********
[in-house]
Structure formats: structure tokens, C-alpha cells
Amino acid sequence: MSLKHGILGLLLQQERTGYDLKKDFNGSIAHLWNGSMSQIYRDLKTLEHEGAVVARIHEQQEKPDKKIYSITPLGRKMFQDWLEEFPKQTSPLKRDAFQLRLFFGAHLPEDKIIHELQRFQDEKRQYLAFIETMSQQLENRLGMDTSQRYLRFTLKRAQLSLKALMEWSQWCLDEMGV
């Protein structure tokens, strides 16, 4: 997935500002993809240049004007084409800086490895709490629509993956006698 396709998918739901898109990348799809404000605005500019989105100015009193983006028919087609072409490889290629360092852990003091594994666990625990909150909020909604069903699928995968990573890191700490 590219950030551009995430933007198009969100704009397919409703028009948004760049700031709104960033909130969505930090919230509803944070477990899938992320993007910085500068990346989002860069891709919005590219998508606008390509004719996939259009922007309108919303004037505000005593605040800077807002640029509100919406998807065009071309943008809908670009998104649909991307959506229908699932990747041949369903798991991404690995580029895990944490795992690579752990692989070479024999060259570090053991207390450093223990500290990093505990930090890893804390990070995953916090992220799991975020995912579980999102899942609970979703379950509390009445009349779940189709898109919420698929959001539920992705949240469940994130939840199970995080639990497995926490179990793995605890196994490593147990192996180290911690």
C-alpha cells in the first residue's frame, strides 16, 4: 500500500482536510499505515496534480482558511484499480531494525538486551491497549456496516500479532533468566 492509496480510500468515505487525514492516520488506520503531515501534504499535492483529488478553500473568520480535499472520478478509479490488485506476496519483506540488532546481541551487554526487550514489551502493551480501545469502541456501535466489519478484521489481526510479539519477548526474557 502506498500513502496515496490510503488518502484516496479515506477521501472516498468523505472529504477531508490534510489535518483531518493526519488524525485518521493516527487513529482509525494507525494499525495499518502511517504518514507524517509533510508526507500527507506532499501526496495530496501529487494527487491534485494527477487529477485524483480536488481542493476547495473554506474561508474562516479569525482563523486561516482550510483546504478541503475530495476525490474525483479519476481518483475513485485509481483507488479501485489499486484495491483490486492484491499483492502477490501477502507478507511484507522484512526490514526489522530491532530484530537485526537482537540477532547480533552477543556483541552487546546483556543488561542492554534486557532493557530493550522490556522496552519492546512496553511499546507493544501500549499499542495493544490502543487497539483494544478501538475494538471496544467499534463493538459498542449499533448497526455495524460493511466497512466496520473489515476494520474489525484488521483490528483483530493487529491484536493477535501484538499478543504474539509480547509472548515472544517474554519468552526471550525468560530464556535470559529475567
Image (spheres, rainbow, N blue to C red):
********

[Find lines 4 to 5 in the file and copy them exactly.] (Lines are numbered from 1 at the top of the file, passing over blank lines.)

């Protein structure tokens, strides 16, 4: 997935500002993809240049004007084409800086490895709490629509993956006698 396709998918739901898109990348799809404000605005500019989105100015009193983006028919087609072409490889290629360092852990003091594994666990625990909150909020909604069903699928995968990573890191700490 590219950030551009995430933007198009969100704009397919409703028009948004760049700031709104960033909130969505930090919230509803944070477990899938992320993007910085500068990346989002860069891709919005590219998508606008390509004719996939259009922007309108919303004037505000005593605040800077807002640029509100919406998807065009071309943008809908670009998104649909991307959506229908699932990747041949369903798991991404690995580029895990944490795992690579752990692989070479024999060259570090053991207390450093223990500290990093505990930090890893804390990070995953916090992220799991975020995912579980999102899942609970979703379950509390009445009349779940189709898109919420698929959001539920992705949240469940994130939840199970995080639990497995926490179990793995605890196994490593147990192996180290911690």
C-alpha cells in the first residue's frame, strides 16, 4: 500500500482536510499505515496534480482558511484499480531494525538486551491497549456496516500479532533468566 492509496480510500468515505487525514492516520488506520503531515501534504499535492483529488478553500473568520480535499472520478478509479490488485506476496519483506540488532546481541551487554526487550514489551502493551480501545469502541456501535466489519478484521489481526510479539519477548526474557 502506498500513502496515496490510503488518502484516496479515506477521501472516498468523505472529504477531508490534510489535518483531518493526519488524525485518521493516527487513529482509525494507525494499525495499518502511517504518514507524517509533510508526507500527507506532499501526496495530496501529487494527487491534485494527477487529477485524483480536488481542493476547495473554506474561508474562516479569525482563523486561516482550510483546504478541503475530495476525490474525483479519476481518483475513485485509481483507488479501485489499486484495491483490486492484491499483492502477490501477502507478507511484507522484512526490514526489522530491532530484530537485526537482537540477532547480533552477543556483541552487546546483556543488561542492554534486557532493557530493550522490556522496552519492546512496553511499546507493544501500549499499542495493544490502543487497539483494544478501538475494538471496544467499534463493538459498542449499533448497526455495524460493511466497512466496520473489515476494520474489525484488521483490528483483530493487529491484536493477535501484538499478543504474539509480547509472548515472544517474554519468552526471550525468560530464556535470559529475567